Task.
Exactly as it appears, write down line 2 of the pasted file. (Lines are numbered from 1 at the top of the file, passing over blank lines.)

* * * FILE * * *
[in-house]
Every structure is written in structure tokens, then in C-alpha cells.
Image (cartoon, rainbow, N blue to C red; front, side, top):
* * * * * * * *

Every structure is written in structure tokens, then in C-alpha cells.